He was criticized back then for his manipulation of publicity and his liberal granting of immunity to obtain testimony in order to convict. Usually, the big-name politicians accused of committing offenses like bribery were not those let off the hook. But Hartley fails to include comments from people critical of Thompson's practices. Instead, he describes Thompson's philosophy on immunity: "one conviction is better than none."
Hartley's descriptions of the controversies surrounding Thompson's gubernatorial campaign and tenure as governor (he is in the middle of his second term) are equally one-sided and inadequate. He merely mentions that Thompson accepted donations and gifts from prominent Illinois businessmen and corporations.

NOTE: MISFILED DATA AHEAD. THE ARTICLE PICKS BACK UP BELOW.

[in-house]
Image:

The contributions to the 1976 campaign--his first--included a total of $299,834 from business interests: $46,580 of that from Ray Kroc, chairman of the board of McDonald's Corporation; $48,981 from medical groups, and $47,250 from construction contractors. Hartley covers the issues of possible political influence resulting from these contributions by quoting Thompson: "I've not made a single promise. Besides, what could I do for Ray Kroc?"
IN ADDITION to paying scant attention to criticism of Thampson, Hartley includes in the early part of the book cloying descriptions of Thompson's childhood like the following: